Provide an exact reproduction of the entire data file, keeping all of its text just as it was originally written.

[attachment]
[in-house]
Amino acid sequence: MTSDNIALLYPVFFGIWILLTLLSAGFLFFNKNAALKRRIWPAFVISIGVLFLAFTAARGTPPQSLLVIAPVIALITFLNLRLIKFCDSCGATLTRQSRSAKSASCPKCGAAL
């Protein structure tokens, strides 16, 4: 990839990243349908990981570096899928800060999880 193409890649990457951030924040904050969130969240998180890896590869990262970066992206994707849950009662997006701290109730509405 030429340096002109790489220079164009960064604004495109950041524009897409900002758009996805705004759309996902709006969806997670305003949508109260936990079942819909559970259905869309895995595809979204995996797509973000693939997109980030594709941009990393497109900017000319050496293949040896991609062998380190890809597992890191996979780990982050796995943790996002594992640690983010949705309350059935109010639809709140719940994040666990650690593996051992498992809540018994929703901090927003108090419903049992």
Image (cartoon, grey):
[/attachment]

[in-house]
Amino acid sequence: MTSDNIALLYPVFFGIWILLTLLSAGFLFFNKNAALKRRIWPAFVISIGVLFLAFTAARGTPPQSLLVIAPVIALITFLNLRLIKFCDSCGATLTRQSRSAKSASCPKCGAAL
């Protein structure tokens, strides 16, 4: 990839990243349908990981570096899928800060999880 193409890649990457951030924040904050969130969240998180890896590869990262970066992206994707849950009662997006701290109730509405 030429340096002109790489220079164009960064604004495109950041524009897409900002758009996805705004759309996902709006969806997670305003949508109260936990079942819909559970259905869309895995595809979204995996797509973000693939997109980030594709941009990393497109900017000319050496293949040896991609062998380190890809597992890191996979780990982050796995943790996002594992640690983010949705309350059935109010639809709140719940994040666990650690593996051992498992809540018994929703901090927003108090419903049992």
Image (cartoon, grey):